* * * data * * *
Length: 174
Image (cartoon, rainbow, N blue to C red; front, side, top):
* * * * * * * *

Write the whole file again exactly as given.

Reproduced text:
Length: 174
Image (cartoon, rainbow, N blue to C red; front, side, top):